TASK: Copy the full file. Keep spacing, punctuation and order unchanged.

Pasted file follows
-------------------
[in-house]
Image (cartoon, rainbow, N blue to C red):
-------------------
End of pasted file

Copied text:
[in-house]
Image (cartoon, rainbow, N blue to C red):